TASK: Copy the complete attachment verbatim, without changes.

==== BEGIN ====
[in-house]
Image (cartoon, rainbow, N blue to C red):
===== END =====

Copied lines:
[in-house]
Image (cartoon, rainbow, N blue to C red):